After a lockout from September 2012 to January, 2013, upcoming players created more competition and Taylor floated around to a few teams. He discovered the teams were no longer interested in him as a player, but wanted him to participate in more of an enforcer role.

He decided to move on and joined his young wife as an official. The couple moved to Carlton, got jobs and continued being a team on the ice. They discovered they had a knack for officiating.

"We were both good at it," Jestina said.

They worked together often, Taylor as a linesman and Jestina as a referee at center ice. They began at youth level and worked up to high school, then college.

Jestina was told that men's college hockey is not accepting of female officials yet. Instead, Jestina works women's college games and the National Women's Hockey League, where she has officiated games in which former Cloquet-Esko-Carlton player Sadie Lundquist played.

Women are not allowed to officiate for the Stanley Cup playoffs, so Jestina is going for the gold at the Olympics.

Taylor's goal is to referee at the National Hockey League level.

The couple travels to games all over Minnesota, northern Wisconsin and northern Michigan.

They were working a summer league game when Jestina said she had her first real experience with sexism.

"I didn't even know sexism existed before reffing," Jestina said, quickly adding that most of her experiences have been positive.

She explained that at one of her games early on, a coach started yelling at her. When he first motioned for the ref to come to the players' bench, Taylor accompanied her. The coach motioned for him to leave. They both left, then the coach called Jestina back. He started yelling at her, saying she was the reason his team was losing the game and women should not be allowed to referee.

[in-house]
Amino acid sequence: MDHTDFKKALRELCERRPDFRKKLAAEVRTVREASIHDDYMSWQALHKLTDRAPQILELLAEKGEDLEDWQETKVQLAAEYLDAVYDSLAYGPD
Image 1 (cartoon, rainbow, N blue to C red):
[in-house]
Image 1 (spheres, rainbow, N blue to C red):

In the end, Jestina kicked the obnoxious coach out of the game. His team of U19 girls thanked her.

There is work off-ice as well. All hockey officials are required to complete classes before they begin working. The Vichoreks continuously update their training each year and are required to take additional training for different levels of games.

Not only do the different levels have different rules, they also have different handbooks and uniforms. The Vichoreks each have about six of the striped uniforms at about $100 each. Officials are also required to purchase and wear protective gear, similar to the players.

Jestina has traveled to other countries to officiate, including Mexico in 2016 to officiate in the pre-qualifying Olympic games and China for the National Women's Hockey League. She is currently in Japan officiating the U18 Women's world championship, a part of the International Ice Hockey Federation.

As for injuries incurred while officiating on the ice?

"We compare bruises when we get home," Jestina said with a laugh.

They continue to work games as parents. They have learned to balance day jobs and reffing around their 18 month old daughter.



Need for officials

There are 102 active officials, and nine are women, in the Northeast Hockey Officials Association.

There are an average of 2,500 games per year to cover.

Officials range in age from 12 to over 60, with the average age of 30.

There is a huge need for officials in Silver Bay and Two Harbors as there are only six, and half play on the high school hockey team.

For more information, call Matt Caple at 218-721-7998.